## Pringles Can Antenna

The PRINGLES CAN antenna is quite popular for 802.11 applications. The deviation of this design appears to be from the COFFEE CAN antenna that is popular for feeding homebrew parabolic dishes in the Ham Radio world. It got it’s name since the 1″ Coffee Can is about the correct

dimensions for this antenna. It was popularised by the book Building Community Networks.

According to the Satellite Experimenter’s Handbook by Martin Davidoff, K2UBC, the correct dimensions for this antenna are

Diameter | ^{3} / 4 * λ |

Length | 1.0 – 1.5 λ |

Feedpoint from end | ^{3} / 8 * λ |

Feedpoint Length | ^{1} / 4 * λ |

Of course other dimensions will work, and may work well. Unfortunately they are likely not to work as well. Despite appearances, this antenna is linearly polarized. At other dimensions though there could be a tendency for the antenna to change polarization, or decrease in gain as the antenna attempts to transmit left and right circular polarization at the same time.

**More Analysis from the NoCat List**

James Roe [jroe@jamesroe.com] analyzed the performance of the pringles antenna and posted the result on nocat@pez.oreillynet.com

I’m new to the list and I’m not sure this is the one that was interested in the coffee can antenna (I’m traveling and away from my home computer archives), but I’ve been dusting off microwave skills I walked away from a long time ago and I’ve come up with some info that may be helpful.

For the frequencies of interest near 2400 MHz, the minimum can diameter is something like 74 mm (say, 3 in) and the maximum is about 90 mm (say, 3.5 in) before higher order modes set up in the waveguide which can mess up the radiated pattern. Note that larger cans WILL radiate, but the results will not repeat too well from example

to example due to small differences in feed element, etc.

A ‘bare’ can of 90 mm diameter will have a maximum gain of about 6.5 dBi, but this can be increased considerably by forming a ‘horn’ that would flare up from the 90 mm diameter to a larger one. There are optimal flare angles and total lengths depending upon the starting and ending diameters, and I have calculated a couple that might be of interest.

Can Dia | Final Dia | Length | Gain | |

90 mm | 192 mm | 14.9 mm | 11 dBi | |

90 mm | 305 mm | 141 mm | 15 dBi |

This last is about a foot in diameter but just less than 6 in long. The horn can be made by making a paper template to cut out an arc of copper sheet that can be rolled up and soldered to make the horn. The template can be constructed by drawing two concentric arcs of length 218 deg with one radius at 74.3 mm and the larger at 252 mm.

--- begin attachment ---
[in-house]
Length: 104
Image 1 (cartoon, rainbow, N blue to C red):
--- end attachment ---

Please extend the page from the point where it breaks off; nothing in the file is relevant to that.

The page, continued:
This idea can be pushed on up in gain but the horns get pretty big such that a parabolic reflector probably would serve better – a 20 dBi

horn would be about 21 inches in diameter and 25 inches long.

Q:What is the optimum length for the can?

Can LENGTH is really not important as long as it isn’t too short (say less that a couple of wavelengths). Higher order modes will be launched at the

feed, but will die out quickly if the can diameter is too small for them to propagate. The 1/4, or 3/4 (or any odd multiple of 1/4) wavelength refers to the placement of the feed element from the back, conducting wall of the can (short circuits at these distances appear to be an open circuit

to the feed – hence not there).

On Horn Waveguides

The purpose of the horn is to match the characteristic impedance of the circular waveguide to that of free space (the air). The impedance of free space is a constant, but the

characteristic impedance of the circular waveguide depends upon the frequency and the diameter, so different diameter cans will need differently sized horns to achieve the same result (ie, gain). The final diameter of the horn will usually be the same for a given gain, but the angle of the cone and overall length will be different to get the impedance match right. I know of no simple geometrical procedure to calculate these parameters.

The effect of a mis-match of the impedances is to cause reflections (on both the transmit and receive sides) which means less power transmitted or

received – effectively a loss of gain. The difference between an ‘optimal’ design and one slapped together may not be too great, but the effort to construct is the same – so why not squeeze the design for all it’s worth?

And yes, the horn must be soldered to the end of the can for a good electrical connection.

Jim Roe

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